Astronomer George Ellery Hale was born in Chicago on June 29, 1868. Though he originally intended to join his family’s elevator business, his basic instincts soon turned him to science.
KeywordsMagellanic Cloud Naval Observatory White Dwarf Star Steady State Theory Andromeda Galaxy
These keywords were added by machine and not by the authors. This process is experimental and the keywords may be updated as the learning algorithm improves.
Unable to display preview. Download preview PDF.
- 1.See, for example, David H. DeVorkin, “Steps toward the Hertzsprung-Russell Diagram,” Physics Today, March 1978.Google Scholar
- 2.J. C. Kapteyn to George Ellery Hale, personal letter, February 7,1919, from the A. Lawrence Lowell Papers, UAI 5.160 (1919–22) #14 Observatory.Google Scholar
- 3.Hale to Lowell, March 29,1920, from the A. Lawrence Lowell Papers, UAI 5.160 (1919–22) #14 Observatory.Google Scholar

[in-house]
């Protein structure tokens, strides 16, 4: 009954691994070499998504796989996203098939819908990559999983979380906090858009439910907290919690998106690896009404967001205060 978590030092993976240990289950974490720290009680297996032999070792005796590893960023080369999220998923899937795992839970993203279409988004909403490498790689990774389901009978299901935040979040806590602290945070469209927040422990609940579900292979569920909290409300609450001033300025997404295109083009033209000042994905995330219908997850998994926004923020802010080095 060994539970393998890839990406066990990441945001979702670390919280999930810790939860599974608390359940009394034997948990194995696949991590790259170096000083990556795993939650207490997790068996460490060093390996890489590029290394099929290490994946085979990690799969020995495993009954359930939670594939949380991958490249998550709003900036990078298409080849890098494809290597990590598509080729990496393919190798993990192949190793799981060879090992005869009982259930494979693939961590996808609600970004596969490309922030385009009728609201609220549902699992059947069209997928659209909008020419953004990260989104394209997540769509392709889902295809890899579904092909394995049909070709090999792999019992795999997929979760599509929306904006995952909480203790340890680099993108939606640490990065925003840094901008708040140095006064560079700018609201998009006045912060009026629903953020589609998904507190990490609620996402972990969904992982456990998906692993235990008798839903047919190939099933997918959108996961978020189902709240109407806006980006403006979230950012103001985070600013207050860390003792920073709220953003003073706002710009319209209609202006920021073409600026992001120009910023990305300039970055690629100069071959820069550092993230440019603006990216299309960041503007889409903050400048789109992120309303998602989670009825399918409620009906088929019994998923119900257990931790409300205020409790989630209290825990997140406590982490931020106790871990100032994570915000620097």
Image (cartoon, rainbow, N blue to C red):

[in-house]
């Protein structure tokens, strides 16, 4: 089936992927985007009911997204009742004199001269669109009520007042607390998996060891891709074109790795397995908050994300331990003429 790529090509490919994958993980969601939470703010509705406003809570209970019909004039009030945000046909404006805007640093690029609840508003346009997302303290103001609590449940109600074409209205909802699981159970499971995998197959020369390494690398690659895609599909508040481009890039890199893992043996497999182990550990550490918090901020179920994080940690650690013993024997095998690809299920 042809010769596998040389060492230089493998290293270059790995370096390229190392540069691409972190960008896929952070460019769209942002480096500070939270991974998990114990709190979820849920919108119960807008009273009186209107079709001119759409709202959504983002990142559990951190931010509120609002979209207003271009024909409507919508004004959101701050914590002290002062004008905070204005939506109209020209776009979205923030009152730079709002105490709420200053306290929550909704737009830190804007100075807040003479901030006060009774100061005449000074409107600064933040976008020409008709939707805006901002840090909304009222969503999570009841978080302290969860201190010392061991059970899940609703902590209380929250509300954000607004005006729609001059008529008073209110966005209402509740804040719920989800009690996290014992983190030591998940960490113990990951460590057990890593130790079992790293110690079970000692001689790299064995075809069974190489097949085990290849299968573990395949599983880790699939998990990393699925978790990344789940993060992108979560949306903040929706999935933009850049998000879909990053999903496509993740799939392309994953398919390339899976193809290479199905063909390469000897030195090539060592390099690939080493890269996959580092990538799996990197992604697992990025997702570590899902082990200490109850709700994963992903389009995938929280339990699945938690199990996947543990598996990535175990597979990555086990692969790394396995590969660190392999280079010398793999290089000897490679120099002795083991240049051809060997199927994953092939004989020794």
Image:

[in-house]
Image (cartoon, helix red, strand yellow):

- 4.Owen Gingerich, “How Shapley Came to Harvard, Or, Snatching the Prize from the Jaws of Debate,” JHA, 1988, xix.Google Scholar
- 5.W. H. Pickering credits a suggestion by Herschel as helping Pickering find Pluto on the very first page of Pickering’s article “The Transnep-tunian Planet” (Annals of the Harvard College Observatory, Vol. 82, No. 3). For a good general discussion of Herschel’s contributions to American astronomy, see Deborah Jean Warner, “Astronomy in Antebellum America,” in Nathan Reingold, editor, The Sciences in the American Context: New Perspectives (Smithsonian Institution Press, Washington, D.C., 1979).Google Scholar
- 6.See Mitchell Wilson, American Science and Invention (Simon & Schuster, 1954), p. 275, for a discussion of Clark’s role in American astronomy; for an excellent discussion of astronomical technology in this era, see Carlene Stephens, “Partners in Time: William Bond & Son of Boston and the Harvard College Observatory,” essay accompanying exhibition held at Harvard University (from January 10 through June 9, 1989).Google Scholar
© Anthony Serafini 1993